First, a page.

Esomeprazole administered by itself may heal peptic ulcers at a comparable rate to esomeprazole taken with aspirin, according to recent results.
Among 178 study participants, 89 received 40 mg esomeprazole alone and 89 received 40 mg esomeprazole with 100 mg aspirin daily for 8 weeks. Follow-up endoscopies were conducted at the end of the regimen to determine how well patients’ peptic ulcers had healed in both groups.
A modified intention-to-treat analysis of evaluable patients (n=80 in the esomeprazole group; n=81 in the esomeprazole/aspirin group) indicated a healing rate of 82.5% for the esomeprazole group (95% CI, 74.2%-90.8%) and 81.5% for the group receiving esomeprazole/aspirin (95% CI, 73.0%-90.0%). A per-protocol analysis revealed healing rates of 83.1% in the nonaspirin group and 83.8% in the aspirin group (difference 0.7%, 95% CI, –11.2% to 12.6%).
No patients in either group experienced ulcer bleeding or perforation, and no significant difference was observed in dyspepsia symptoms between groups. Patients with Helicobacter pylori infection were cured in 36 of 38 (94.7%) cases in the nonaspirin group and in 27 of 29 cases (93.1%) in the aspirin group.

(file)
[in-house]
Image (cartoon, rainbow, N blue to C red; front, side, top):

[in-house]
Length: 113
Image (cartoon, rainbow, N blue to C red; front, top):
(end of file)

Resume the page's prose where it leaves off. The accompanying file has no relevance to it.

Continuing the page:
Investigators found steroid usage during treatment (P=.006) and ulcers of 1 cm or larger (P=.034) to be significantly associated with reduced healing rates. Factors including age, gender, hypertension, previous bleeding ulcers and H. pylori infection were not associated with healing. A multivariate analysis indicated that only steroid use was an independent risk factor for failed healing (OR=5.6, 95% CI, 1.1%-27.7%).
“In this study, we conducted the first randomized, controlled trial to assess the efficacies of esomeprazole alone and esomeprazole plus aspirin in the treatment of aspirin-related peptic ulcers,” the researchers wrote. “The data demonstrated that the observed healing rates were comparable in the two treatment groups … but the wide CIs in this study do not rule out clinically meaningful differences of more than 10%.”